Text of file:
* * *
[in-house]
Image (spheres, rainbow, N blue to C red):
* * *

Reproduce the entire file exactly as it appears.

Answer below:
[in-house]
Image (spheres, rainbow, N blue to C red):